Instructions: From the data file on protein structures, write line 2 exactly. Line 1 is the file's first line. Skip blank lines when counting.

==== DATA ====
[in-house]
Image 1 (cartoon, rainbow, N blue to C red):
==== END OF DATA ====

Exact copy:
Image 1 (cartoon, rainbow, N blue to C red):